1910 – 2005
Culture Holder, Educator, Campaigner for Equal Rights, Advocate for Aboriginal Women.
“We all work together so that our young ones can get somewhere, you know as well as I know, that none of our people are getting a fair go and if we work together, one people and we press on the government they’ve got to help us to get somewhere, we are all poverty stricken, well most of us are, and that’s not the way Australia should be”
Aunty Geraldine Briggs was a highly respected Elder, the holder and teacher of Yorta Yorta language, cultural knowledge and lived experience of the period of transitioning from traditional to European lifestyle under the Aborigines Protection Act.
A compassionate and inspirational leader and role model who spent many years campaigning for equal rights Geraldine was a founding member and past president of the National Council of Aboriginal and Islander Women.
Born Geraldine Clements in 1910, on the Warangesda Aboriginal Mission in New South Wales, her mother was Yorta Yorta and her father Wiradjuri man from Brungle. Geraldine grew up on Moonacullah Aboriginal Reserve near Deniliquin. and spent time at Warangesda, Brungle and Cummeragunja Aboriginal Reserves.
“My first memory was being carried on my Aunt’s back in a possum skin rug… I thought it was lovely – going along – moving, you know, that was great! It used to put me to sleep”
As a child, Geraldine often visited her grandfather George Middleton at the Cummeragunja Mission, where she settled after her marriage to Selwyn Briggs whose family lived on Cummeragunja.
“When I got married and moved on to Cummeragunja it became very obvious to me how the people were being treated including myself – my mother was told to move off the reserve because she spoke back to the manager – she told him – you’ll be gone before me, this is my tribal home”
Once a thriving, self-sufficient settlement, conditions at Cummeragunja
were beginning to deteriorate in the late 1930s as the New South Wales Aborigines Protection Board took greater control. Several painful episodes provided the catalyst for Briggs’ future activism.
Her grief at losing her first born child to illness was compounded by the refusal of the mission manager to provide transport to the Echuca hospital for emergency medical treatment. She once witnessed three children dying in a single day – and she lived with the trauma of her three sisters being forcibly removed from the family to the Cootamundra Girls Home. 
“ That will live with me always because it was a terrifying time, when we thought that a white man…was coming to take us away from our people, from our mothers and fathers”
Geraldine’s experiences as a child and young mother at Cummeragunja Mission motivated her to fight for Aboriginal rights. In the Aboriginal tradition women had the responsibility of looking after the needs of children and family, Geraldine believed women played an integral role in improving outcomes for their communities, particularly in the areas of health and housing.
“We had quite a good band of women who were really strong, and I think it was the women that showed their husbands that they needed to be stronger and fight for better conditions.”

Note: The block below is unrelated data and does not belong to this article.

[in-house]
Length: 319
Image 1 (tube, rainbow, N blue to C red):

Her family was involved in the famous ‘Cummeragunja Walk-off’ in 1939, in which 200 residents spontaneously deserted the reserve. Settling in Shepparton, Geraldine became involved in the civil rights movement and along with her sister Margaret Tucker, was one of a delegation to make representation to the Prime Minister on Aboriginal rights. She and her husband Selwyn were involved in the establishment of a regional branch of the Aborigines Advancement League in Shepparton.
Geraldine was at the forefront of establishing the Federal Council for the Advancement of Aboriginal and Torres Strait Islanders (FCAATSI) in 1958. She went on to become the organisation’s Victorian State Secretary. Geraldine rallied support for the 1967 referendum to amend the constitution to include Aboriginal people in the national census.
In 1970, she joined other prominent women, including her sister Margaret Tucker, to establish a Victorian Aboriginal and Islander Women’s Council and later became the first president of the National Council of Aboriginal and Islander Women. The Council lobbied the government on issues affecting Aboriginal and Islander families including cultural preservation, land ownership, and the employment of Aboriginal welfare workers.
In turn, their efforts led to the creation of the Victorian Aboriginal Health Service and the Victorian Aboriginal Legal Service.
In 1991, she received the Order of Australia and was inducted into the Victorian Honour Roll of Women in 2001. At 82 years of age she won the Aboriginal of the Year Award.
Geraldine passed away in 2005. Her children continue to work to advance Equal Rights.
This Biography has been written in consultation with Dr. Lois Peeler AM- daughter of Geraldine Briggs AO and using the primary source:
Worawa History Walk Book (2011) Worawa College and Melbourne City Council.
Photo: Geraldine Briggs AO in Cloak – Photograph Supplied by daughter Dr. Lois Peeler AM
Mrs Geraldine Briggs AO on Vimeo (2015) Mrs Geraldine Briggs AO speaks about the motivating factors that led to her considerable work in Aboriginal Community Development.
Her work included being the school’s first Cultural Teacher where she was instrumental in teaching Yorta Yorta language and culture to the many Aboriginal students.
Mrs. Geraldine Briggs – AO Worawa Aboriginal College (1985) Return to Cummergunja – Hyllus Maris and her mother Mrs. Geraldine Briggs speak.
AFI distribution company – A co-production between the Women’s Archival Project and the Victorian Women’s Film Unit.
‘Dana Djirrungana Dunguludja Yenbena-l’ Aboriginal Street Art Project